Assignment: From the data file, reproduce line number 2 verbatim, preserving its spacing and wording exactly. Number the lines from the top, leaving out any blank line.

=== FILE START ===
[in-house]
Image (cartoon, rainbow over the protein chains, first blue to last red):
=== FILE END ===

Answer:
Image (cartoon, rainbow over the protein chains, first blue to last red):